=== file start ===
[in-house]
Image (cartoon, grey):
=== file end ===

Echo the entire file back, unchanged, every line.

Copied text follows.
[in-house]
Image (cartoon, grey):